This Guide provides private companies an overview of the process for obtaining a public listing in Canada and highlights key considerations for the company and its principal stakeholders both prior to and throughout the going public process.
Part 1 outlines various matters that a private company should consider before deciding to go public, and provides a summary of the principal methods of completing a public listing in Canada. Part 2 describes the regulatory framework in Canada for public companies and how that framework affects a listing and the post-listing reporting requirements. Part 3 provides an overview of the principal listing methods in Canada, being an initial public offering, a reverse takeover or a qualifying transaction. Part 4 details the listing procedures for the Toronto Stock Exchange (TSX) and the TSX Venture Exchange, the two principal listing markets in Canada. Part 5 outlines what a company is required to include in a prospectus or other listing document and the liability associated with the disclosure provided in such documents. Part 6 provides an overview of a dealer’s (i.e., an underwriter’s) involvement in a public listing and a summary of what a company should expect for an offering of securities completed concurrently with an initial listing. Part 7 outlines certain Canadian tax considerations for a company looking to complete a going public transaction in Canada. Part 8 provides a summary of the Canadian reporting requirements for a company following a public listing on a Canadian exchange.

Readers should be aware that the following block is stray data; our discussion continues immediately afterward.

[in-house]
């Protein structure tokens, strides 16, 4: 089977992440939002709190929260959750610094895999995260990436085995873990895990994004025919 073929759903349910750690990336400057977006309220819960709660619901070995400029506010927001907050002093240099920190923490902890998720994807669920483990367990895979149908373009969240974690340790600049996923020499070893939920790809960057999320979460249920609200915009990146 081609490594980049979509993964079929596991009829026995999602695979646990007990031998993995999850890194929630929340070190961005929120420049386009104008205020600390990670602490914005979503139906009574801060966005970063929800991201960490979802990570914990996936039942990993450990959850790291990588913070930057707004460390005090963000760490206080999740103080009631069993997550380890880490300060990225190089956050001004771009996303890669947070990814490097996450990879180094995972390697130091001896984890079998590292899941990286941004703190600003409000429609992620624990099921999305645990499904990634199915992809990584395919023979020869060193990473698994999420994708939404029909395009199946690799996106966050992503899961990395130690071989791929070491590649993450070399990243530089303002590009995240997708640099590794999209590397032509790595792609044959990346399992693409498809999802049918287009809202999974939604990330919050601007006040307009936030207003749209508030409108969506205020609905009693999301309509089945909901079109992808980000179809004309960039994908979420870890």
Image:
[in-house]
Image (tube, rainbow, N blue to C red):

B. Methods of Going Public Stock Exchanges In Canada, there are presently four main recognized stock exchanges for corporate entities: Exchange Operated by Toronto Stock Exchange (TSX) TMX Group Inc. TSX Venture Exchange (TSXV) TMX Group Inc. Canadian Securities Exchange (CSE) CNSX Markets Inc. Cboe Canada Cboe Global Markets The TSX and TSXV are the two most established exchanges in Canada on which most Canadian public companies are listed. While the TSX and TSXV provide the greatest visibility and liquidity for public companies in Canada, a company may choose to list on the CSE or Cboe Canada 1 for a number of reasons, including listing eligibility, industry-related regulations, cost and timing. Since the TSX and TSXV remain the two principal listing markets in Canada, the focus of this Guide is in respect of a listing on those exchanges. Principal Listing Methods There are three primary methods of going public on the TSX or TSXV — an initial public offering (IPO), a reverse take-over (RTO) of an existing TSX or TSXV listed company, or a qualifying transaction (QT) with a capital pool company (CPC) listed on the TSXV. 2 The table below sets out the main advantages, disadvantages and key considerations to assess when choosing a listing method. We explore each of the listing methods in more detail in Part 3 of this Guide. 1. Cboe Canada is a privately owned exchange formerly known as the NEO Exchange. 2. Note that IPOs relating to SPACs (Special Purpose Acquisition Corporations) are not addressed in this guide. | IPOs and Going Public in Canada 6 Method Regulatory Approvals Advantages Disadvantages Listing Document Initial Public Offering (IPO) Company sells securities through an underwriter pursuant to a prospectus filed in one or more provinces or territories of Canada, and obtains listing on a stock exchange upon closing Canadian securities commissions and Stock exchange • Ability to concurrently raise funds • Potential for broader distribution of company’s securities, which can create more publicity and awareness of a company’s products and services • Prospectus drafting and regulatory clearance process may help to improve company’s strategic focus • Relatively expensive process with a number of fixed costs and expenses • May be more time consuming than other methods of going public - generally takes a minimum of four months • Subject to the whims of the IPO market Long-form prospectus Must contain full, true and plain disclosure of all material facts concerning the company and the securities offered. Reverse Take-Over (RTO) Typically, shareholders of a private company with a strong business sell their shares to a listed shell company with no active business in exchange for new shares of the listed shell company that represent more than 50% control of that shell company Stock exchange • Less dependence on market conditions for timing • Faster process than an IPO • The shell’s filing statement document does not typically receive the heightened level of review that one would see with an IPO prospectus • Shell provides public shareholder base that meets distribution requirements • Private company has less opportunity to publicly tell its story • Requires M&A type negotiations and mutual due diligence Shell’s management information circular, if shareholder approval required or Shell’s filing statement, if shareholder approval not required Each must contain full, true and plain disclosure of all material facts concerning the shell, the private company and the resulting issuer. Qualifying Transaction (QT) Capital pool company (CPC) (i.e., a reporting company listed on TSXV with experienced board of directors but no business or assets except up to C$10,000,000 in cash) acquires all of the outstanding shares of or amalgamates with the private company Stock exchange • CPC may bring experienced board of directors • CPC provides public shareholder base that meets TSXV distribution requirements • CPC provides interim funding and initial cash reserve for resulting issuer • Dilution of private company management and shareholders • Requires M&A type negotiations and mutual due diligence • QT’s are a TSXV only concept (although the resulting issuer could graduate to the TSX or migrate to another Canadian stock exchange upon closing) CPC management information circular, if shareholder approval required or CPC filing statement, if shareholder approval not required Each must contain full, true and plain disclosure of all material facts concerning the CPC, the private company and the resulting issuer. | IPOs and Going Public in Canada 7 C. Critical Path Items The following elements of the going public process give rise to the longest lead times in planning for a successful listing and should be given priority by the company from the very start of the process: Critical Path Item Explanation Considerations Financial Statements and Management’s Discussion and Analysis (MD&A) Generally, a company will need to provide in its listing document three full years of audited annual financial statements, plus unaudited interim financial statements for its most recently completed quarter and the comparative quarter in the immediately preceding year, as well as pro forma financial statements in certain circumstances. • Financial statements must, with some exceptions, be prepared under International Financial Reporting Standards. • MD&A will need to be drafted and reviewed by the company’s commercial, legal and accounting team, and all numbers carefully verified by the auditors. • For “emerging-market” companies,3 Canadian securities commissions have historically demonstrated additional concern over the adequacy of the company’s “internal controls” and “disclosure controls” and its ability to comply with Canadian financial reporting requirements. The company may need to demonstrate that its finance staff will have sufficient training and experience to satisfy such concerns. Board of Directors, Management Team & Compensation A board of directors with the optimal combination of financial and operational expertise, public company experience and Canadian capital market recognition will need to be assembled, and the full management team engaged. • Background security checks of the proposed directors and officers by the listing exchange (and separately by the underwriters) can take several months and the required personal information forms for all candidates should be submitted as soon as possible. • Corporate governance structures such as board committees, mandates, policies and stock option and similar compensation plans will need to be put into place. • Compensation schemes for directors and senior management (e.g., salary, options, change of control payments, etc.) and employment agreements will need to be settled. Due Diligence The company’s directors and underwriters will have liability for any material misstatements or omissions in the listing document unless they can rely on a “due diligence” defence. In establishing this defence, counsel and other advisers to the company and the underwriters will conduct due diligence to ensure the accuracy and detail of the information in the listing document. • The company will need to make a comprehensive electronic data room available, where all key documents relevant to the company’s business and legal affairs will be included and accessible by the working group. Being prepared for the kind of due diligence investigation a public listing entails will help prevent the company from wasting valuable time and resources responding to documentary requests and searching for documents rather than moving the transaction forward. • The company will need to be organized and respond to additional requests from the underwriters promptly. A slow or disorganized process can send negative signals to underwriters and investors, while a smooth, well-run process can create momentum for a successful listing. 3. The TSX assesses the jurisdiction of an issuer on a country-by-country basis, but generally will not consider issuers of Canada, the U.S., the UK, Western Europe, Australia or New Zealand to be emerging market issuers. Review of the following criteria may result in an issuer being designated an emerging market issuer: (i) residency of “mind and management”; (ii) jurisdiction of principal business operations and assets; (iii) jurisdiction of incorporation; (iv) nature of the business; and (v) corporate structure. | IPOs and Going Public in Canada 8 Critical Path Item Explanation Considerations Third Party Consents A company should take care in reviewing its material contracts to determine what consents, if any, will be required to complete a public listing, including any relevant shareholder or investor rights agreements. • Consents may also be triggered if a company intends to complete a reorganization prior to going public. • In addition, a company should review confidentiality obligations in its material contracts and seek waivers in advance, as appropriate. Resource Information and Reports If the company has mineral projects, disclosure in the listing document must comply with National Instrument 43-101 (NI 43-101), the mining disclosure rule of the Canadian securities commissions, including the requirement that all scientific and technical disclosure be based on a technical report or other information prepared by or under the supervision of a qualified person. If the company has oil and gas activities, disclosure in the listing document must comply with National Instrument 51-101 (NI 51-101), the oil and gas disclosure rule of the Canadian securities commissions. • May require the company to engage a qualified third party to prepare the necessary report(s). Accordingly, preparation of this disclosure and associated reports will be timeconsuming and should commence as soon as possible. | IPOs and Going Public in Canada 9 D. Other Strategic and Practical Considerations Completing a public listing will often result in significant changes to a company’s management and capital structure. In addition to the critical path items identified above, a number of other important check list items need to be understood and made part of the overall going public planning process, including the following: ☑ Engage the Right Advisers → The importance of selecting the right members of the working group cannot be underestimated. The company’s agents, counsel, auditors, technical consultants and other advisers will need to form a cohesive team to achieve success, and this will require not only strong expertise, but also good communication and coordination of efforts. Care must be taken in engaging experienced, practical advisers with strong communication and teamwork skills. ☑ Agree on Company Valuation → Prior to starting a listing process, the company should assess and agree on its expected valuation with its advisors and key stakeholders. ☑ Conduct Business as Usual → The listing process will be an intensive and time-consuming one for the commercial team, but it should be sufficiently separate from the ongoing operations of the company so as to be minimally disruptive to those operations up to the point of completion. ☑ Complete Tax Planning → Canadian and international tax considerations will need to be assessed in making corporate structure decisions. These discussions should be held early in the listing process. ☑ Determine Need for Dual Class Structure → In some cases, the founders may want to reserve control of the company post-listing. To do this, the company may need to establish a dual class share structure. The TSX and TSXV rules require “coattail” provisions for listed companies with dual class voting share structures.4 ☑ Consider Reorganization Issues → To the extent that a corporate reorganization of the company will be required in preparation for the public listing, the scope of this reorganization should be determined. Assets may need to be transferred, employee benefit plans reviewed or amended, and commitments to third parties assigned from other entities in the broader company group. There may also be a need to reorganize the capital structure of the company so that it aligns with what is traditionally expected of a public company in Canada. ☑ Consider Multiple Stock Exchange Listings → In addition to a listing in Canada, the company may wish to consider (and may already have considered and rejected) the possibility of concurrent listings on other global exchanges. ☑ Determine Stock Exchange & Underwriters’ Escrow Requirements → Certain major shareholders as well as senior officers and directors of the company will be subject to typical escrow requirements imposed by the listing exchange and/or Canadian securities laws. It is also typical for underwriters to require a lock-up period for major shareholders and management for a period after closing, to run cumulatively with any regulatory escrow period. ☑ Evaluate Post-Closing Public Company Readiness → Upon completion of the public listing, the company needs to be prepared to address continuous and timely disclosure requirements, and related internal approvals and processes (e.g., any required internal culture adjustments to reflect being a public company, formally instituting investor relations functions, key policies, etc.). Being ready to be a public company requires a significant time investment by management in financial reporting and regulatory compliance processes and systems to ensure satisfactory risk management. See Part 8 of this Gui